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September 16, 2020
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Syracuse’s struggles in final third, set pieces in 1-1 tie against Yale

first_img Published on September 6, 2019 at 10:00 pm Contact KJ: kjedelma@syr.edu | @KJEdelman Facebook Twitter Google+ Luther Archimede put his hands on top of his head. The freshman thought he’d done it — solving a Syracuse offense that lacked quality in the final third all night. He thought he had his first goal, a game-winner in double overtime with 90 seconds left. That would’ve been something. But they thought wrong. Archimede took off after a Massimo Ferrin corner kick too fast, ultimately offside. His hands slowly rolled down his face, now in disbelief. There would be no game-winning goal after 110 minutes of play. Just a tie.“In a long, hard fought game, that would’ve been a big one to get,” Ferrin said. In regulation, then a pair of 10-minute overtime periods, Syracuse (1-1-1) combated its high-octane offense with Yale’s physical defense. As SU’s offensive opportunities piled up, so did Yale’s yellow cards. The Orange had more time of possession, 10 more shots, 12 total corner kicks — but its final third “lacked composure,” said head coach Ian McIntyre. The Orange played a better offensive game for most of Friday’s contest. But open shots were lofted too high, goalies dominated set pieces. A game-winning finish never came. Syracuse spent 55 minutes trying to recover from a costly equalizer from the Bulldogs to no avail, ending the two’s first matchup in 34 years with a 1-1 tie. AdvertisementThis is placeholder text“We huffed and puffed and didn’t create enough chances,” McIntyre said.Gavin Lidell | Contributing PhotographerYale mis-hits, errant throw-ins and soft clears gave a Syracuse final third that’s struggled early in games this season the chances it needed to pull ahead. But hard fouls and six yellow cards slowed its offense down. Near-goals were only coming from Syracuse, though, as Yale’s only real moment to score of the half came 12 seconds into the game. Sophomore Hilli Goldhar’s shot in the middle of the box 18 minutes in went directly at Yale goalkeeper Elian Haddock and hit off his gloves. No one was there for a rebound.When a cross toward the Bulldogs keeper came again in the 34th minute, he did the same — knocked it out of his sight. But Simon Triantafillou saw it coming his way. Instead of going for a quick strike, the junior midfielder hesitated for a second, eyeing Haddock. The goalie went left and Triantafillou’s ball went right, straight into the net. As dark clouds at kickoff made their way above SU Soccer Stadium and rain ensued, the wet conditions coincided with a rejuvenated Yale offense to start the second period. The Bulldogs started to win the aerial battle and on one possession eight minutes into the second half, a Yale forward got past a pair of SU center backs. A cross from the left drew goalkeeper Christian Miesch left and after a Yale rebound, another cross rose too high for the SU goalkeeper. After hitting the crossbar, the ball trickled into the back of the net. “I have to watch the goal we conceded,” McIntyre said. “I was a little disappointed by it.”For the rest of the second half, Syracuse’s offense, which started to regroup after conditions settled, would need to score again to pull off a game it deserved to win. Its best chances started on set pieces. Corners came in bulk and got the Orange closer to the net than it could on the ground. Yet, they couldn’t convert a single one.“12 corner kicks is a lot,” Triantafillou said. “…We have to be better with those. They’re free, they’re free chances.”Fouls and stoppages interrupted SU’s offensive flow and sometimes came with heated exchanges. McIntyre called it “wham bam soccer.” Final passes came from time-to-time, like one to freshman Brian Hawkins from six yards out. But the finishes didn’t — Hawkins’ attempt of a shot made it almost to the other side of the field, away from any of the action.With three minutes left in regulation, Ryan Raposo flicked a ball to Ferrin as two Bulldogs converged, halting their momentum. The senior striker was alone, one-on-one with Haddock. Ferrin aimed top left. It went onto SU’s practice fields instead.“I knew exactly what I wanted to do but made poor connection,” Ferrin said of 87th minute shot that went high above the net.After a near-goal off a free kick flipped possession to SU in the first overtime, senior Matt Orr was awarded a free kick of his own. He placed the ball high and right, but Haddock jumped to it, tipping the perfectly placed ball toward spectators on the hill behind the net.The thought of Archimede’s potential game-winner crossed the mind of some postgame. Ferrin said he couldn’t see it as he flicked the ball in, but it seemed close. McIntyre thought there wasn’t many others to mention — “there’s not enough of those to talk about, though,” he said.When the clock hit all zeroes for a third time — this one officially deciding the game — freshman Noah Singelmann lay flat on his back, hands covering his face. His team had 55 minutes to recover and blew all of its opportunities.  Commentslast_img read more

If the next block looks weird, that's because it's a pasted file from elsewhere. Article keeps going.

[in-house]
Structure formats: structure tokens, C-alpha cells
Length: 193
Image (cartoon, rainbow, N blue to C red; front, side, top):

August 31, 2020
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Tony Pulis Sacked As West Brom Manager

first_imgWest Brom manager Tony Pulis has been sacked from his post following the recent run of wretched results recorded by the team under his management.His sack was announced via a statement from the club. Related The Midlands club started the season with two wins from two games before it unravelled before Pulis’ eyes and he has now paid for his job following a recent run of four successive defeats including Saturday’s 4-0 defeat to Premier League champions.Tony Pulis, who joined the West Brom in January 2015, will now be replaced by his assistant manager Gary Megson until further notice as confirmed by the club.last_img